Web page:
AT&T, Apple slapped with suit over visual voicemail

Klausner Technologies has sued the two companies, claiming one of the signature features of the iPhone violates two of its patents.

While many patent cases have little prior case law to work with, the firm has already litigated successfully with two other companies who later licensed the technology. Both Vonage and AOL have struck agreements with the company.

Filed in US District Court for the Eastern District of Texas, the suit asks for damages and future royalties estimated to be $460 million. It has also filed separate cases against Comcast, Cablevision, and Skype parent company eBay for royalties totaling $300 million.

All of Klausner's defendants are acuused of violating Klausner's patents in the voice mail field. In the case of the non-iPhone defendants, all their systems allow users to select which voicemails they would like to hear through an on-screen display -- a method which Klausner says its portfolio already covers.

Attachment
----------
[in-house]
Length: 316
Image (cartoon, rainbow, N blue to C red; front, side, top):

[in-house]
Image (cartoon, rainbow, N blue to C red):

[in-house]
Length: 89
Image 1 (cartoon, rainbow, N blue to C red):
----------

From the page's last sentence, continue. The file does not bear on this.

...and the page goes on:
"We have litigated this patent successfully on two prior occasions," Klausner's legal counsel Greg Dove said in a statement. "With the signing of each new licensee, we continue to receive further confirmation of the strength of our visual voicemail patents."

Klausner's suits are leading some to call it the "next NTP," which embroiled RIM in lawsuits for years before eventually settling for $612.5 million in March 2006.

Technology pundit Larry Dignan was one of those people equivocating Klausner to the infamous patent holding company. "Translation: Hey it worked twice already why not extract more cash. These things add up," he wrote in a blog entry Monday.

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